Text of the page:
Man murdered widow, 80, in London allotment row
A man murdered an elderly widow with a lawnmower flex to avoid being thrown off his allotment, a court heard.
Rahim Mohammadi strangled 80-year-old Lea Adri-Soejoko with the cord and hid her body at Colindale allotments in north London in February last year.
Mrs Adri-Soejoko, the secretary of Colindale Allotment Association, was found in a locked mower shed.
Mohammadi, 42, was found guilty of murder and will be sentenced at the Old Bailey on Friday.
He had a reputation for being "threatening" and having a "volatile" temper, the court heard.
Prosecutor John Price QC had told jurors Mrs Adri-Soejoko had been assaulted by the defendant and then killed to "stop her complaining".
Five months before the attack Mrs Adri-Soejoko, had a "notorious" run-in with Mohammadi, from Hackney, at a growers' meeting.
During a heated discussion over evictions, she had told him to "shut up" and Mohammadi called her a "bloody old witch", the court heard.
The Iranian had been involved with the allotment since 2008 through Freedom from Torture, an organisation helping torture victims suffering from post-traumatic stress disorder.
The court heard he had ambitions to take over running the allotment, making Mrs Adri-Soejoko wary of him.
On the day of the murder Mohammadi assaulted Mrs Adri-Soejoko on the allotment, causing bruises and fractures to the ribs, jurors were told.
Mr Price said: "Mrs Adri-Soejoko was beaten up. That in turn does point to a motive for her murder - to avoid detection for a shocking and very serious assault on a vulnerable old lady."
The victim's body was locked up in the mower shed, which only four key-holders had access to, one of whom was Mohammadi.
Police found the body by following the sound of her ringing phone found before Mohammadi could cover up the crime.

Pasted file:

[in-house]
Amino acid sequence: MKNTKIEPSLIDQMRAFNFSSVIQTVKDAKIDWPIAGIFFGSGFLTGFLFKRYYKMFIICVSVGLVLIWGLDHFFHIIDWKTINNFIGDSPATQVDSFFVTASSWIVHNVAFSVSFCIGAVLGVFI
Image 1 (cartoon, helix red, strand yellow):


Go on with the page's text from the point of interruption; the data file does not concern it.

She was wearing Wellington boots and an apron and had the shed keys in her pocket.
Mohammadi's DNA was found on the cord used to strangle Mrs Adri-Soejoko and he was captured on CCTV coming and going from the allotment, jurors were told.
In police interviews, Mohammadi gave different and inconsistent accounts of his movements.
Giving evidence, he said he had gone to the allotments to buy opium for his bad back on the day of the killing.
He claimed he heard shouting but dismissed it as a drunken fight.
The court was told Mohammadi sought political asylum in Britain in 2005 and was given indefinite leave to remain in 2010.
As he was led from the dock, Mohammadi turned to the jury and said: "You will have that on your conscience sending an innocent man to prison."
Det Ch Insp Noel McHugh, of the Met Police, said: "This crime has torn a family apart and sent shockwaves through a close-knit community.
"Mohammadi is a violent, evil, and volatile individual and he will spend many years in prison as a result of his appalling actions."